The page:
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Does Ethanol Fuel Cause More Harm Than Good?

As prices remain high at the gas pumps, drivers are looking for alternatives to regular unleaded gasoline. The industry is seeing the use of ethanol and other fuel additives to bring costs down and increase efficiency, but these items may cause hidden damages within car engines. It is important to compare various options and uncover the best fuel or additive to use.

 

Ethanol Fuel and Ethanol Additives

Ethanol Fuel PumpEthanol fuel is less expensive than conventional gasoline, but it is not as efficient. This means it’s slightly lower price does not make much difference to a consumer. Would-be environmentalists claim ethanol burns cleaner; however, a great deal of fossil fuels are used during harvesting and transportation, so it actually creates more global warming problems as it less efficient in the long haul.

Ethanol blends are popular as well. However, ethanol tends to absorb water from the atmosphere, which causes corrosion of fuel system parts. It loosens engine deposits that can block the fuel filter, carburetor, or injectors. It also has the power to dissolve plastic, rubber and fiberglass.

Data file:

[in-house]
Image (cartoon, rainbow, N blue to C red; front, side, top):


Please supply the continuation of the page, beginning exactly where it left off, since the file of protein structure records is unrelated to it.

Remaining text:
Gasoline with Additives

To gain efficiency with gasoline, numerous companies produce mileage-boosting additives, which manipulate airflow or enhance fuel burn. Tests prove most of these items provide little improvement, and certain additives may harm modern car parts. For instance, valves and sensors sometimes become damaged and need expensive repairs.

If a person is set on using an additive, it is wise to choose a product containing polybutene amine. This cleans carburetors, fuel injectors and intake valves. It may help restore an engine’s performance and lower a car’s carbon footprint.

 

Regular Unleaded Gasoline

With most cars, it is recommended to use regular 87 octane gasoline. A common misconception is that higher octane brings more cleaning additives. However, all grades of octane contain some level of engine cleaning detergents to guard against deposit build-up. This means it is not necessary to spend extra money on “supreme” grades of gas.

As automobile design has advanced, a car no longer requires high octane gasoline to function well. Some states have even removed their previous ethanol mandates. Most additives, including ethanol, tend to cause more harm than good to a car’s internal parts as well. Although pure ethanol fuel has a less expensive face value, its performance offsets the price difference and fails to make a dent in environmental problems. Regular unleaded gasoline appears the best and most convenient choice at the pumps.

 

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